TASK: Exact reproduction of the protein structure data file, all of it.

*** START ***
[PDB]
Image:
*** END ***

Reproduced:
[PDB]
Image: